8. Stringbean- Maybe you have very long fingers and are used to the old fashioned pre-two mouse ways of doing things. Or maybe you are one of those geeks who thinks the mouse is for sissies and in your day you could control everything with the keyboard commands and the arrow keys. Ya, crank starting cars were cool once too.

    No matter how you look at it, it is a hell of a lot easier for me to press ONE buton on my mouse and have my right click options available at the press of ONE button — all without ever having to touch the keyboard. For example, if i wanted to “view source” on this page on a Mac with one button, I would have to press the Control button using my left hand and with my right (mouse) hand, scroll down and click on “Print Page”. Or move the mouse up to the View menu, scroll down and then hit view source.

    OR, with a two button mouse, all i have to do press the right click button with the same hand that is already on the mouse, and then press print. No mouse movement involved, and no unneccesary old school keyboard keyboard commands.

    So if your old school ways work for you, thats cool. But I think it is about time Apple got with the program and added clickable scroll wheels and right click buttons.

  9. I use Photoshop, Quark. Illustrator, Acrobat, Office and I use them for a living. I use all the iLife apps. And I use any number of other pro and consumer apps as they come and go. I may not be the greatest operator in the world, but I’m not bad. And I’ve used a Mac for 16 years. And I have always used a one button mouse. A two button mouse is strictly for amateurs.

  10. Maybe they should take away iDVD, because the very basic user who can’t use the right mouse button certainly couldn’t figure out iDVD either. We should also nix Exposé, because that’s dealing with function keys, and those can be INTIMIDATING!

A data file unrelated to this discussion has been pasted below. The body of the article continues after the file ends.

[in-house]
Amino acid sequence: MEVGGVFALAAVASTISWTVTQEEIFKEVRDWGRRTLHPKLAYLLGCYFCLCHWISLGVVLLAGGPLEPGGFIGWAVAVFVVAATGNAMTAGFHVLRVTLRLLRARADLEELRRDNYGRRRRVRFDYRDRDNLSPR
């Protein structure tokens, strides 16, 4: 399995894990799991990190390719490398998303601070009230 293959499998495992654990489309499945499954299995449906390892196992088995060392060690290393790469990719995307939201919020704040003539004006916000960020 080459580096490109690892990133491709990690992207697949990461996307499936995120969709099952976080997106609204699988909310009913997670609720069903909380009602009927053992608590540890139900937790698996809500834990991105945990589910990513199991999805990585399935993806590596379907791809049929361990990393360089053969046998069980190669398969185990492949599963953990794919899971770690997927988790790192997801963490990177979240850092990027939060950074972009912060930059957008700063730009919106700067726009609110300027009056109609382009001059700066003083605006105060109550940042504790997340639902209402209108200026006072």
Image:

It’s such a stupid argument to keep the one button mouse. Right-clicking is certainly no harder than Ctrl-clicking, and a scroll wheel is so much more efficient than grabbing the scroll bar.

    My father is computer-phobic. He can use a two-button mouse. He loves the scroll wheel. If he can use it, than anyone can.

  11. Been using multibutton mice for years with trackball and scroll wheel. Works perfect for high end music apps, particularly for zooming in and out for editing. Oddly enough, many of these programs still don’t support scrolling ie SampleTank which has a gazillion sample choices in its’ menu where scrolling would be a life saver.

    My magic word is distance and I’m not going to be cute with it today.

  12. I’m using a microsoft Intelli-Mouse with 5 buttons. I really liked MDN’s suggestion of using (programming) the middle button under the scroll wheel for expose’ but it won’t let me. When I try to enter F9 in the setup it just does it instead. Any suggestion how to program this?

  13. KISS

    Keep It Simple Supid

    In my sister’s all windows office (she’s a nurse), no one of the 20 odd nurses knows what the heck the second button is for.

    The other day at the university, the department director’s wife fed a floppy disk (she’s a windows person) in the slot loading imac cd drivet. Scrapped the drive. And you want people to use a 2 button mouse?